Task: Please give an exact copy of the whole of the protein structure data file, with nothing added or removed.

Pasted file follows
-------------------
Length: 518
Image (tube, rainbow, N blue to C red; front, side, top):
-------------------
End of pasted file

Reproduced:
Length: 518
Image (tube, rainbow, N blue to C red; front, side, top):